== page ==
Let’s start the con­ver­sa­tion

We will never agree on ev­ery­thing, but we should at least hear each other out.

The Star Malaysia - - Views - news­desk@thes­tar.com.my Jo­han Jaaf­far Jo­han Jaaf­far was a jour­nal­ist, ed­i­tor and for some years chair­man of a me­dia com­pany, and is pas­sion­ate about all things lit­er­a­ture and the arts. The views ex­pressed here are en­tirely his own.

ONE of the defin­ing mo­ments of the United States’ se­nate con­fir­ma­tion hear­ings didn’t ac­tu­ally hap­pen dur­ing a ses­sion. It hap­pened when Supreme Court nom­i­nee Brett Ka­vanaugh was about to take his seat.

Fred Gut­ten­berg, who lost his daugh­ter in the Park­land shoot­ing, ap­proached Ka­vanaugh, in­tro­duced him­self and ex­tended his hand for a hand­shake. Ka­vanaugh hes­i­tated, turned his back and walked away.

To Ka­vanaugh’s de­trac­tors, the in­ci­dent speaks vol­ume about his fail­ure at least to ac­knowl­edge views by oth­ers, although he later said he would have shaken hands with Gut­ten­berg if he had recog­nised him.

Gut­ten­berg has been ac­tively ad­vo­cat­ing gun con­trol laws af­ter the tragedy. The pow­er­ful NRA (Na­tional Ri­fle As­so­ci­a­tion) lobby is said to be sup­port­ing Ka­vanaugh’s nom­i­na­tion.

The de­bate on Ka­vanaugh’s re­fusal to shake Gut­ten­berg’s hand is as fu­ri­ous as the nom­i­na­tion hear­ings them­selves.

The US is sup­posed to be the bea­con of hope for real “con­ver­sa­tions”. The fact that Pres­i­dent Don­ald Trump has painted the press at large as “en­emy of the peo­ple” man­i­fests his real stand on the First Amend­ment.

No pres­i­dent since Richard Nixon has had such a frosty re­la­tion­ship with the press. For Trump, it is get­ting worse by the day.

He is not alone. Many lead­ers of the world would agree with his po­si­tion on the free press.

As the world be­comes smaller with the ad­vent of the In­ter­net, there are those who still be­lieve in the idea that free press is bad and laws should be en­acted to si­lence the peo­ple. The voices of the lit­tle peo­ple should not be heard. Power shouldn’t be given to the pow­er­less. Power is ex­clu­sively for the pow­er­ful.

We have seen how gov­ern­ments fall be­cause of that. The folly of lead­ers be­liev­ing the con­stituents are merely statis­tics at the poll booths has re­sulted in the peo­ple re­ject­ing them.

Barisan Na­sional has learned a bit­ter les­son on what Peo­ple’s Power can do. Other than hubris and per­ceived abuse of power, the bla­tant dis­re­gard for dis­sent­ing voices is cited as one of the rea­sons for the peo­ple’s angst.

Laws are en­acted to si­lence what’s left of the free­dom of ex­pres­sion. The straw that broke the camel’s back was the Anti-Fake News Act, which most peo­ple deem un­nec­es­sary and un­war­ranted.

There is the Sedi­tion Act hov­er­ing over our heads, not to men­tion other laws that cur­tail free­dom of ex­pres­sion and a free press.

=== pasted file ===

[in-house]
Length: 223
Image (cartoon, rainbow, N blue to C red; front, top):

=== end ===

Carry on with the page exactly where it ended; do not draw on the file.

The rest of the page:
The uni­ver­si­ties – sup­pos­edly the last bas­tion of free voice – have been si­lenced. De­bate on al­most ev­ery­thing was dis­cour­aged at one point.

It is eas­ier to crit­i­cise than to be crit­i­cised.

Pakatan Hara­pan lead­ers are now wak­ing up to the re­al­ity that they are in the gov­ern­ment. Be­ing an op­po­si­tion mem­ber has its ad­van­tages, and sit­ting on the op­po­site side of the aisle has its set­backs.

De­mand­ing for a free press when you are on the other side sounds no­ble and even ro­man­tic, but it is not easy when you are part of the gov­ern­ment.

But they should not be de­terred by that. The promise to free the press must be kept, and so too the need to re­peal or abol­ish some of the pukat tunda (drag­net) laws.

Things are chang­ing and we need to make ad­just­ments. The dis­sent­ing voices must be heard. The press must be freed as promised. It is a pre-req­ui­site for a healthy and vi­brant democ­racy. The in­sti­tu­tions of higher learn­ings should be de­politi­cised.

It is easy to frame the crit­i­cism of the Malay lead­er­ship as Malay­bash­ing. The truth is that some of their lead­ers have failed the Malays in the past.

There is a dire need for a relook at the cul­ture, mind­set and psy­che to un­der­stand what has hap­pened. It is in fact the right time to un­der­stand how lead­ers who have been trusted to help and pro­tect, have be­trayed the Malay race as a whole.

I find it dis­heart­en­ing to lis­ten to peo­ple tak­ing is­sue with Siti Kasim’s col­umn in Sun­day Star or with Perlis mufti Datuk Dr Asri Zainul Abidin’s po­si­tion of cer­tain re­li­gious mat­ters.

We have many more rel­e­vant mat­ters to deal with rather than wor­ry­ing about dif­fer­ent views and in­ter­pre­ta­tions.

I don’t be­lieve the Mus­lims’ po­si­tion would be jeop­ar­dised just by read­ing or lis­ten­ing to ei­ther of them. Or that one will con­vert to Christianity just by read­ing Han­nah Yeoh’s book or lis­ten­ing to a song by Ja­clyn Vic­tor.

Mus­lims can’t be that weak! We must have the au­dac­ity to dis­cuss mat­ters per­tain­ing to race re­la­tions in the coun­try or else the work of the Na­tional Unity Con­sul­ta­tive Coun­cil would be in vain. We should en­cour­age in­tel­li­gent writ­ing in the coun­try. We should nur­ture a vi­brant arts and cul­ture scene that is free of po­lit­i­cal en­cum­brances.

In a tele­vised dis­cus­sion with me or­gan­ised by the Si­nar Har­ian news­pa­per, Ed­u­ca­tion Min­is­ter Dr Mas­zlee Ma­lik pro­posed the idea of set­ting up sudut de­bat (de­bate cor­ner) at schools and to rein­tro­duce Sudut Pidato (Speaker’s Cor­ner) at the uni­ver­si­ties. It is a good move to cre­ate an eco-sys­tem for healthy dis­course.

We must be able to con­front and shake hands with those who dis­agree with us, how­ever much we dis­like them.

Newspapers in English

Newspapers from Malaysia

© PressReader. All rights reserved.